Consideration of your response: The employer must consider any information you submit in response.
Final notification in writing: After considering any information you submit, the employer must notify you in writing of any final disqualification from the job, any procedure the employer has to challenge that final disqualification, and your right to file a complaint with the Department of Fair Housing and Employment.” See https://www.dfeh.ca.gov/resources/frequently-asked-questions/criminalhistoryinfoinemploymentfaqs/
[These statements from DFEH is also a general summary of the Fair Chance Act, Government Code section 12952(c)(2).]
FEDERAL LAW ON EMPLOYER BACKGROUND CHECKS (CONVICTION HISTORY)
Although there is no federal prohibition on when an employer can ask applicants about criminal history, the U.S. Equal Employment Opportunity Commission (EEOC) states, "as a best practice, and consistent with applicable laws, the Commission recommends that employers not ask about convictions on job applications and that, if and when they make such inquiries, the inquiries be limited to convictions for which exclusion would be job related for the position in question and consistent with business necessity."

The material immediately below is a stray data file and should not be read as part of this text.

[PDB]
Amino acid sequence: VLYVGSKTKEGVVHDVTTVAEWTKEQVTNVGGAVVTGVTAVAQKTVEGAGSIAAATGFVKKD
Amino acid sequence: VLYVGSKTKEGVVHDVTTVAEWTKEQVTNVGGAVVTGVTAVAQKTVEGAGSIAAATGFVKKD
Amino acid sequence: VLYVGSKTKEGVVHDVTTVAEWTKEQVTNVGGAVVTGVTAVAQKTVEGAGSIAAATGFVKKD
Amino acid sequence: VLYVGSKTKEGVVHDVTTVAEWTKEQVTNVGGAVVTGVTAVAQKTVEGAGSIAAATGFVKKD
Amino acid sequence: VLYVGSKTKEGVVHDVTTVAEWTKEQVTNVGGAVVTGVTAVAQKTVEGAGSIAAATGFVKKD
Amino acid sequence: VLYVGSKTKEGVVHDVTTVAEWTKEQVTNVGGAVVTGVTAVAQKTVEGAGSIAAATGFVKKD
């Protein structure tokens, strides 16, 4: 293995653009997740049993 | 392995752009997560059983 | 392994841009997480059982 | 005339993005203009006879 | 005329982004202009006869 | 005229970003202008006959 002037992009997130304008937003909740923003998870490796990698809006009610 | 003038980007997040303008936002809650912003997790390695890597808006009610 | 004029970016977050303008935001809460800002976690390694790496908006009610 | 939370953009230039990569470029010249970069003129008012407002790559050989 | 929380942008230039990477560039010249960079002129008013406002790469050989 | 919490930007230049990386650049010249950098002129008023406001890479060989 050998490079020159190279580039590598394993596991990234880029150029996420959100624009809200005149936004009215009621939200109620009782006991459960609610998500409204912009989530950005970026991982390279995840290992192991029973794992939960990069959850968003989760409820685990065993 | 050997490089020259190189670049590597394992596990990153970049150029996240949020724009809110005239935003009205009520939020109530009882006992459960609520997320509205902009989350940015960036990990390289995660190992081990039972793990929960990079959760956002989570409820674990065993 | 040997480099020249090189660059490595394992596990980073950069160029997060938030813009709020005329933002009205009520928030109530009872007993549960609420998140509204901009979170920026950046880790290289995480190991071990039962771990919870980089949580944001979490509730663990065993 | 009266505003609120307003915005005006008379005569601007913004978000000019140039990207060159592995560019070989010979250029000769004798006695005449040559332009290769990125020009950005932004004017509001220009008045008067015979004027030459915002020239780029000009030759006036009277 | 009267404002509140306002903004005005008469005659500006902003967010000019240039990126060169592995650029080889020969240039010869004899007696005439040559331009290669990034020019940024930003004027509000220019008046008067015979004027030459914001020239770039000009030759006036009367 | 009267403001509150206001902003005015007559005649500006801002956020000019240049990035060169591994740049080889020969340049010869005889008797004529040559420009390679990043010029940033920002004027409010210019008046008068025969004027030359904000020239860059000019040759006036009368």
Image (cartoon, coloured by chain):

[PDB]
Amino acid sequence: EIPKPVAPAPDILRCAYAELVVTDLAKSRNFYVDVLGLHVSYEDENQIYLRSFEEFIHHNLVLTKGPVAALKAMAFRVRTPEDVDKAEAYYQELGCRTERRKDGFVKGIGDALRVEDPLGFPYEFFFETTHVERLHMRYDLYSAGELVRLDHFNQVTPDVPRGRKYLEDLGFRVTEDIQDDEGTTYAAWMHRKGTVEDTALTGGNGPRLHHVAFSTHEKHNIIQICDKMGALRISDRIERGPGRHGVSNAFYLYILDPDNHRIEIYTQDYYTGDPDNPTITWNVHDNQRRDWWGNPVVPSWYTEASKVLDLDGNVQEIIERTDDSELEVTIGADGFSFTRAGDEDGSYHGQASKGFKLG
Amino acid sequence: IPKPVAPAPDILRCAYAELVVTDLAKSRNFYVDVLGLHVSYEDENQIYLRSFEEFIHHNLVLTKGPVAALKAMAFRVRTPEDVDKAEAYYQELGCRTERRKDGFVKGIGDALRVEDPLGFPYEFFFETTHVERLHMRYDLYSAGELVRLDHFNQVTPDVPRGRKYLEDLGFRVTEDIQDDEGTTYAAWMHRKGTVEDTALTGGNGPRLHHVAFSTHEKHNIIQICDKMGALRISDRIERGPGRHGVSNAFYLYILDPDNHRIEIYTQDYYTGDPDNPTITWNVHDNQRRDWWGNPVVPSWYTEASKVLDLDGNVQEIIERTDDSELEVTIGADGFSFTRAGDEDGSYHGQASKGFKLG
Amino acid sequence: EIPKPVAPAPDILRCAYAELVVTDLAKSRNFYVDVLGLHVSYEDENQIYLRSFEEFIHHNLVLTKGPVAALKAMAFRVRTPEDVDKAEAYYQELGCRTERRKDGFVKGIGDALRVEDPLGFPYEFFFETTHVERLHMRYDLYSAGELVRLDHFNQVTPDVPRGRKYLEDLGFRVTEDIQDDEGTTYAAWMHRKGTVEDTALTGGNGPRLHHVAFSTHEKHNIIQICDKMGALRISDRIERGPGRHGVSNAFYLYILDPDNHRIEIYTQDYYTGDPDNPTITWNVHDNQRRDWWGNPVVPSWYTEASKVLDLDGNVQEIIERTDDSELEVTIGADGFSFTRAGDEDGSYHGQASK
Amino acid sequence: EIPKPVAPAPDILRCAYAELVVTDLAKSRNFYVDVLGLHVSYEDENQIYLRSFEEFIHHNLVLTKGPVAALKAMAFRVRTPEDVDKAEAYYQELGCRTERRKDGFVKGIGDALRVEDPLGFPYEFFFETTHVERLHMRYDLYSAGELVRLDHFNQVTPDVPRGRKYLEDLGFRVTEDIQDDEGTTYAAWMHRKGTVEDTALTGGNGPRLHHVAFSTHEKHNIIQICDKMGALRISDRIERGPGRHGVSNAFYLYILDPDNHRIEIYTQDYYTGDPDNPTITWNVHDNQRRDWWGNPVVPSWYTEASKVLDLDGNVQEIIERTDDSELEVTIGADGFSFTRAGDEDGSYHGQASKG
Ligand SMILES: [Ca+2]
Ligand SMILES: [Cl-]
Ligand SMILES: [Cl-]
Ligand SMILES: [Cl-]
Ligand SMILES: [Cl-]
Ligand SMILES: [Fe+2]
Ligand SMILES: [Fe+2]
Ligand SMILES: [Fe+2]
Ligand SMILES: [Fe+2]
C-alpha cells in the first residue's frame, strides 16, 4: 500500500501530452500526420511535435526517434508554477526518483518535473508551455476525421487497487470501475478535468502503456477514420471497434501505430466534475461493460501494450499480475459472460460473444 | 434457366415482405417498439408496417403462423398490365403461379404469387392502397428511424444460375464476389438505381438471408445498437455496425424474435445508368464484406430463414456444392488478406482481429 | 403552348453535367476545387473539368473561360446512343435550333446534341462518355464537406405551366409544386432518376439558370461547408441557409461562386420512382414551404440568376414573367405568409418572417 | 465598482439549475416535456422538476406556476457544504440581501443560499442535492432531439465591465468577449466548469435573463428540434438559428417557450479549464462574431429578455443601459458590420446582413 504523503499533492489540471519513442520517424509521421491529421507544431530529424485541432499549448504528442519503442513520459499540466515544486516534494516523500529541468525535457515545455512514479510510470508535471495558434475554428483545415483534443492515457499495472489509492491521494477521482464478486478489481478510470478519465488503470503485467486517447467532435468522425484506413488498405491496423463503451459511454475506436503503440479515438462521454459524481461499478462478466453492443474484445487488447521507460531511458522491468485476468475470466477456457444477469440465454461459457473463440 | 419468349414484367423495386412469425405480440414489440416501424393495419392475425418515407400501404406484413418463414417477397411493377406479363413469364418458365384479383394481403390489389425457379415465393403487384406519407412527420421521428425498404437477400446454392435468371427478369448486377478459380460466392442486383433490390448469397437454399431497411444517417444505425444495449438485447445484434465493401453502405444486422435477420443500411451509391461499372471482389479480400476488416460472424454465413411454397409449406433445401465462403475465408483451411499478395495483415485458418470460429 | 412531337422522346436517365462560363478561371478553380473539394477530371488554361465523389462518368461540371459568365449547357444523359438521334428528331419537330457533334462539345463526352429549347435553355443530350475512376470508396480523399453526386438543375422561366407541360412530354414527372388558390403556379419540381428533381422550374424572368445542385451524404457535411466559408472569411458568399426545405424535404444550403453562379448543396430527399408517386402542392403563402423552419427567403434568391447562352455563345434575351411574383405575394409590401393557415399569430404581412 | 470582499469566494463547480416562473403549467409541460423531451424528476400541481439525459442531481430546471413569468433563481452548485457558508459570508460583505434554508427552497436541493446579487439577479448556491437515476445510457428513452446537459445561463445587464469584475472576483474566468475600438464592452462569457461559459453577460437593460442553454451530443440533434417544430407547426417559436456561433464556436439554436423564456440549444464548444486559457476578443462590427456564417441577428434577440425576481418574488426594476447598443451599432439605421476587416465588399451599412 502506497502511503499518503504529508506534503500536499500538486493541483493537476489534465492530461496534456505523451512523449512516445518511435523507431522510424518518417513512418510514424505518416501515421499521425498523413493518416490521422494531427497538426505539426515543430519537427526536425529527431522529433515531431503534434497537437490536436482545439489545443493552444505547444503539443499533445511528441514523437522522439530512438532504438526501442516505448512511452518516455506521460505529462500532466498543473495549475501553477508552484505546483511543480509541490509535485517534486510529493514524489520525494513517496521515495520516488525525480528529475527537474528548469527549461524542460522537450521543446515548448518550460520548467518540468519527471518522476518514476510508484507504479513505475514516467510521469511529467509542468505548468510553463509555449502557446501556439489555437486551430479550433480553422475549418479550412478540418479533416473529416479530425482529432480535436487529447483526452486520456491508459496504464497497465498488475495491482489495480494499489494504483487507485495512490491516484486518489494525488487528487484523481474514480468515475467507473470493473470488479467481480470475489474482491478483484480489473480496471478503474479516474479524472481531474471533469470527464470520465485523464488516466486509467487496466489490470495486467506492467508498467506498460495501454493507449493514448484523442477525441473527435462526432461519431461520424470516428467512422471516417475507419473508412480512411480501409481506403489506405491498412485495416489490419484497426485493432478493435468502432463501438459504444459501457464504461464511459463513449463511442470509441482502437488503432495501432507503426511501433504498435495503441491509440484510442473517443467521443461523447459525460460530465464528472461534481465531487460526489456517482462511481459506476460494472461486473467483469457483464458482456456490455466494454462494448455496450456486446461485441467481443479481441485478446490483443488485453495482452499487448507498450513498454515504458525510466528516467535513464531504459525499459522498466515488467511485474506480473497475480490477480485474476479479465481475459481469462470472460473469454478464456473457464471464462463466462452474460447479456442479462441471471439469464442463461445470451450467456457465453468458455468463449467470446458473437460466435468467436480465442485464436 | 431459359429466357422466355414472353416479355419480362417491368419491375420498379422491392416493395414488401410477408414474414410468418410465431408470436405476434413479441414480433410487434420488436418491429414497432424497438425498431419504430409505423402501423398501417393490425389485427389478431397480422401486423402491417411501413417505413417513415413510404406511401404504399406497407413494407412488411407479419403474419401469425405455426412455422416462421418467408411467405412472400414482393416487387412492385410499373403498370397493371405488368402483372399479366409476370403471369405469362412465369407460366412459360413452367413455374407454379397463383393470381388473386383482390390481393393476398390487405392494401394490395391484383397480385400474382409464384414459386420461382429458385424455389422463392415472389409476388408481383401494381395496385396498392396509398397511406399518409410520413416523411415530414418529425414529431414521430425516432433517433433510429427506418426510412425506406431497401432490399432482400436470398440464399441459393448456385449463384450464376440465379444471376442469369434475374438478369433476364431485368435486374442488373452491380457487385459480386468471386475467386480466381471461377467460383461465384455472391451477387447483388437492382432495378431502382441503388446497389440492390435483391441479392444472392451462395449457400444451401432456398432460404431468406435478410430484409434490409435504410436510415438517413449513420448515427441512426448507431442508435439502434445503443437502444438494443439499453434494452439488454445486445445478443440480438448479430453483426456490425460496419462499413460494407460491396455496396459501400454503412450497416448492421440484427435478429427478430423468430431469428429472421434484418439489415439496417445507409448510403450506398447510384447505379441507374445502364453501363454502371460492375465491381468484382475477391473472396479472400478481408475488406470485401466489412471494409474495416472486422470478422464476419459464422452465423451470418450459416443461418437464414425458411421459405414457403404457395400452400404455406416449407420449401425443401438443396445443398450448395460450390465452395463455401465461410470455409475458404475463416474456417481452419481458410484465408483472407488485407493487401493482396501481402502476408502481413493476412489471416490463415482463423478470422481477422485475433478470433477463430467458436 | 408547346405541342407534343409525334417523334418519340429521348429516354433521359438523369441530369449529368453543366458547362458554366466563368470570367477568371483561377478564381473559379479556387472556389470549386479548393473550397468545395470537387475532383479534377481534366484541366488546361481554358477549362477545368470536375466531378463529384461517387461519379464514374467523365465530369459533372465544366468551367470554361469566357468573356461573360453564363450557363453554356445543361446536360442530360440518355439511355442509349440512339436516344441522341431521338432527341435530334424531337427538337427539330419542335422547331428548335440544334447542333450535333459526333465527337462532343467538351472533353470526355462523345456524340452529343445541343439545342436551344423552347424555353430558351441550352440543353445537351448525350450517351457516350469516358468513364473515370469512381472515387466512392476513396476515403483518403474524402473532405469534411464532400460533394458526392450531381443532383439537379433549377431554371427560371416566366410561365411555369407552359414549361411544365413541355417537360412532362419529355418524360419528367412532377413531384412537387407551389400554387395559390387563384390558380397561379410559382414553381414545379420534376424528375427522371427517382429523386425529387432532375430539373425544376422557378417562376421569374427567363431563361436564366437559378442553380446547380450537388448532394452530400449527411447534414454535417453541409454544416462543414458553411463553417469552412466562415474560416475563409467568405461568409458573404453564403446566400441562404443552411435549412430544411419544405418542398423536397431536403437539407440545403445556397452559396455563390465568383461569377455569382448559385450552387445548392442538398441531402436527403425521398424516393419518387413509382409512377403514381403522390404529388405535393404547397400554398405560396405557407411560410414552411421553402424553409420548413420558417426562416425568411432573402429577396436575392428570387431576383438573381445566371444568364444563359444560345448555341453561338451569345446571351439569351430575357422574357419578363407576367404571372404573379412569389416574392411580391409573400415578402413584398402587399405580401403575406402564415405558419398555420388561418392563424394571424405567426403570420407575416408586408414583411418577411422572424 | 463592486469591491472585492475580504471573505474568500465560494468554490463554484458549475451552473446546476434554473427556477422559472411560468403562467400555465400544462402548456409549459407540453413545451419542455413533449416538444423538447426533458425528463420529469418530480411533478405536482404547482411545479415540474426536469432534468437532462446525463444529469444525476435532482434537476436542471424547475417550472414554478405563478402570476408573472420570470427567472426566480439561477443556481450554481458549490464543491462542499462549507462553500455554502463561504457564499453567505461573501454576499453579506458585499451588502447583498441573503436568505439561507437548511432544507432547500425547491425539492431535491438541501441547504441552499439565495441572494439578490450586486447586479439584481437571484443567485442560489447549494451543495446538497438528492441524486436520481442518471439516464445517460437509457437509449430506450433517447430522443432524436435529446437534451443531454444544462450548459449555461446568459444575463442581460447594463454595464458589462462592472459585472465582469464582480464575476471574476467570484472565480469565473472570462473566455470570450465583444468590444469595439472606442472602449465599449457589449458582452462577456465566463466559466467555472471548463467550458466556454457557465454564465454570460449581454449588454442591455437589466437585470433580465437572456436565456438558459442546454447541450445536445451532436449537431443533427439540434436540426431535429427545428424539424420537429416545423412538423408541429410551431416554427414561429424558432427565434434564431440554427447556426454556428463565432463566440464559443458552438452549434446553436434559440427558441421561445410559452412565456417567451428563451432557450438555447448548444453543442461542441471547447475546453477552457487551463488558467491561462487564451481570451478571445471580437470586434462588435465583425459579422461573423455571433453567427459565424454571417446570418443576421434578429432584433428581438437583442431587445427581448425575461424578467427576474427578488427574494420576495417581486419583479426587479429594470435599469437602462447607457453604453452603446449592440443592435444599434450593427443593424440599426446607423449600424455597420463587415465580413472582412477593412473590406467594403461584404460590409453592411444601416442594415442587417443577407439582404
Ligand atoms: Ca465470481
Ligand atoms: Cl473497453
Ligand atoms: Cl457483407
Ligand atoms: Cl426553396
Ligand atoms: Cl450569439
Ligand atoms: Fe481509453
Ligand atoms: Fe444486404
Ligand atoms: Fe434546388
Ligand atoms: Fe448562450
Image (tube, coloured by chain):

Further, the EEOC has taken the position that use of criminal history may sometimes violate Title VII of the Civil Rights Act of 1964. This can happen, the EEOC says, when employers treat criminal history differently for different applicants or employees. A person cannot be denied employment based on a criminal record alone. Instead, the decision to hire or not must be based on a “business necessity,” which requires the employer to consider:
1. The nature and gravity of the offense or offenses.
2. The time that has passed since the conviction and or completion of the sentence.
3. The nature of the job held or sought.
Because California law is so comprehensive and protective in this area, following California law (and making the offer conditional on a criminal check) provides the protection the employer needs, from a risk management perspective.
CALIFORNIA LAW ON EMPLOYER BACKGROUND CREDIT CHECKS